Hiring jumped in the United States last month. The national unemployment rate dropped one tenth of a percentage point to 3.4%—a 54 year low, according to the Commerce Department—as the private nonfarm economy hired more than half a million people in January. Manufacturing also benefited, adding about 19,000 new jobs with remarkably strong gains in the nondurable goods production sectors. The Department of Labor’s January report showing strong hiring numbers and historically low unemployment comes as many areas of business—manufacturing included—have reported significant trouble with hiring new workers.
In a statement from the Alliance for American Manufacturing, the group’s president Scott Paul credited legislation like the Bipartisan Infrastructure Law and the CHIPS Act but cautioned the Federal Reserve against continuing to raise interest rates, which he said could choke out hiring trends.
“Threats remain, and manufacturing will hit a roadblock if the Fed decides to raise interest rates,” Paul said.
The Bureau of Labor Statistics Employment Situation, released February 3, showed strong growth in nondurable goods manufacturing compared to durable goods companies. Nondurable industries added an estimated total of 15,000 employees last week. The food manufacturing and beverage, tobacco, leather and similar products manufacturing sectors took in the lion’s share with 6,900 and 5,000 new hires respectively, followed by broad gains across the other nondurable goods areas. Those widespread games were offset only by a loss of 3,500 employees in chemical manufacturing.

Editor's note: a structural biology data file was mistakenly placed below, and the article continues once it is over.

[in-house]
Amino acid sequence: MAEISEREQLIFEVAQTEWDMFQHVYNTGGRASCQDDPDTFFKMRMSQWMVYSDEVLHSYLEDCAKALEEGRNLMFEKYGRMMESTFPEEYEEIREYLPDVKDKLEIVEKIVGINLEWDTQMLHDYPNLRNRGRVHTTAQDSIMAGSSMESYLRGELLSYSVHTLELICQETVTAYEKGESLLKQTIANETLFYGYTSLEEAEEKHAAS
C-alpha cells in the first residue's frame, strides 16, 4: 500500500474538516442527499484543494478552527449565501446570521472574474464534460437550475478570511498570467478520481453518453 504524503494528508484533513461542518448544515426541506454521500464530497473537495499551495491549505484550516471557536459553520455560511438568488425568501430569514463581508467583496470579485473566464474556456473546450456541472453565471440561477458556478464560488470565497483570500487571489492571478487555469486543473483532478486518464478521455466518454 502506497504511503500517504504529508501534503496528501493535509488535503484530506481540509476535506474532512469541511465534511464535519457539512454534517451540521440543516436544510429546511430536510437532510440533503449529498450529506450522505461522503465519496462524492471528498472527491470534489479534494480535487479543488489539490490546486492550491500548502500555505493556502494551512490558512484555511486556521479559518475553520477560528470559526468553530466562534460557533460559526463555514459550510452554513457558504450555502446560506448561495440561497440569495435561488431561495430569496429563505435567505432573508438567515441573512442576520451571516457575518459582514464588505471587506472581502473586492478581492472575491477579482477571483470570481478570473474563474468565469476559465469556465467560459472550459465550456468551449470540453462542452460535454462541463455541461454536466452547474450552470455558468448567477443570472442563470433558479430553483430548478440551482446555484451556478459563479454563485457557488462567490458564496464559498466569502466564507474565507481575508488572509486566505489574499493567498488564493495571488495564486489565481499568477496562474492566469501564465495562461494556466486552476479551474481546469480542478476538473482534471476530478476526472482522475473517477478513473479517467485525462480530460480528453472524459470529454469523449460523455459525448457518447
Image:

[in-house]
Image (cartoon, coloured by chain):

The larger durable goods sector of manufacturing added a comparatively tepid net 4,000 jobs in January. Despite decent gains across most durable goods sectors, a steep loss of 8,400 workers in transportation equipment manufacturing (including 6,500 in motor vehicles and parts production) offset gains of more than a thousand jobs in nonmetallic mineral products, fabricated metal products, machinery, electrical equipment, and miscellaneous manufacturing.
The employment situation report also found that the average manufacturing workweek in January increased, as did average overtime: During the survey period, the average manufacturing workweek length increased by about 24 minutes to 40.5 hours, while mean overtime increased by 6 minutes to 3.1 hours.
Possibly reflecting the historically tight labor market, wages increased faster in manufacturing than in the rest of the economy, and, as in hiring, grew faster in nondurable goods. Average private hourly wages increased by about 7 cents to $28.26 an hour between December 2022 and January 2023. In the same time frame, average wages in manufacturing rose by 20 cents to $25.84. Average earnings in durable products companies rose by 16 cents an hour to $26.94, while earnings in the smaller nondurable goods portion rose a remarkable 29 cents to $24.05 an hour on average.